American Submitted Surnames

American names are used in the United States. See also about American names.
usage
Submitted names are contributed by users of this website. The accuracy of these name definitions cannot be guaranteed.
Stoneman English
Combination of Stone and English man. Sometimes used an English form of German Steinmann.
Stonestreet English
Topographic name for someone who lived by a paved road, in most cases a Roman road, from Middle English stane, stone, "stone" and street "paved highway", "Roman road".
Stonor English
Locational name from a village in Oxfordshire, England. The name comes from Old English stán "stony" and the place was named for a stone circle on the land.
Stoops English
May descend from Stoop or Stobe.... [more]
Storey English
From the Old Norse nickname Stóri, literally "large man". A literary bearer is British novelist and playwright David Storey (1933-).
Storie English (American)
Possibly a variant of Storey.
Storm English, Low German, Dutch, Scandinavian
Nickname for a man of blustery temperament, from Middle English, Middle Low German, storm, Old Norse stormr "storm".
Stormborn English
most likely of Scandinavian origin
Story English
Variant of Storey.
Stoter English (Modern)
Of Dutch origin and still in use there in a restricted region. Herder of large animals such as cattle or horses. May share a root with Ostler (unverified). Note: Stot in Scottish dialect still means a young bull.... [more]
Stout Scottish, English
Probably a nickname for a brave or powerfully built man, from Middle English stout ‘steadfast’. A contrary origin derives from the Old Norse byname Stútr ‘gnat’, denoting a small and insignificant person.
Stowell English
A locational name from various places in England called Stowell
Stoyle English
Variant of Styles.
St Peter English
Originally from French Canadian immigrants, an anglicized form of French St Pierre.
Straight English
Nickname from Middle English streʒt "straight, upright", presumably applied in either a literal or a figurative sense.
Strang English
Originally given as a nickname to one who possessed great physical strength.
Strangeways English
Means "person from Strangeways", Greater Manchester ("strong current").
Stratton English
English: habitational name from any of various places, in Bedfordshire, Dorset, Hampshire, Norfolk, Oxfordshire, Somerset, Suffolk, Surrey, and Wiltshire, so named from Old English str?t ‘paved highway’, ‘Roman road’ + tun ‘enclosure’, ‘settlement’... [more]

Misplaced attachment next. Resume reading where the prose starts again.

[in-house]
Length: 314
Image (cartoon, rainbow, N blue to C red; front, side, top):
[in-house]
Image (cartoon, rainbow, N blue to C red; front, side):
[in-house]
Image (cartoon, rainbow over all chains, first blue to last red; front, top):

Straughan English
Northern English (Northumbria and the Northeast) variant of Scottish Strachan.
Strawberry English (American, Rare)
Possibly from the name of the fruit, or from any of the various places named Strawberry in the US.
Strawbridge English (American)
Someone who built bridges as a living.
Stream English
English topographic name for someone who lived beside a stream, Middle English streme. Americanized form of Swedish Ström or Danish Strøm (see Strom).
Streeter English
English (Sussex) topographic name for someone living by a highway, in particular a Roman road (see Street).
Strete English
Strete is derived from Old English "Straet" which, in turn is derived from the latin "strata". This surname has spelling variants including, Streeter, Street, Straight, and Streeten. The first occurrences of this surname include Modbert de Strete of Devon (1100), AEluric de Streitun and his heir Roger (at the time of Henry de Ferrers) and Eadric Streona, Ealdorman of Mercia.
Stribling English
From a medieval nickname for a youthful or inexperienced person (from Middle English stripling "youth").
Strider English
Likely an anglicized variation of the Dutch term "Strijder" or German term "Streiter," this surname represents an occupational designation for a soldier or a descriptive term for someone with a combative demeanor.... [more]
Stringfellow English
Nickname for a powerful man, Middle English streng ‘mighty’, ‘strong’ + felaw ‘fellow’ (see Fellows).
Stroh English, German
Means "straw" when translated from German, indicating a thin man, a person with straw-colored hair, or a dealer of straw.
Stroll English
Stroll comes from the English word meaning to walk without hurry, probably for someone who liked to walk.
Stuckey English
Stuckey was first found in Devonshire where they held family seat as Lords of the Manor. The Saxon influence diminished after the battle of Hastings in 1066. For the next three centuries the Norman ambience prevailed... [more]
Studley English
From any number of places called Studley in Oxfordshire, Warwickshire, Wiltshire, and North Yorkshire. The name comes from Old English stod "stud farm" + leah "pasture".
Stukeley English
From a surname meaning "woodland clearing with tree stumps" in Old English.
Stukely English
Possibly meaning "stucco" or "stuck".
Sturdivant English
Perhaps a nickname for messenger, a pursuivant or a hasty person, derived from Middle English stirten, sterten meaning "to start, leap" (ultimately from Old English styrtan) and avaunt meaning "forward" (itself from Old French).
Sturdy English
From a nickname meaning "strong".
Sturgeon English
From the word "sturgeon" from the Old French esturgeon "sturgeon". A nickname for someone who closely resembled the eponymous fish.
Sturt English
Variant of Stuart
Sturtevant English
Variant form of Sturdivant.
St Vincent English
Most likely referring to Vincent Ferrer, a friar and preacher or one of the many places called St. Vincent.
Style English
Variant of Styles.
Suckling English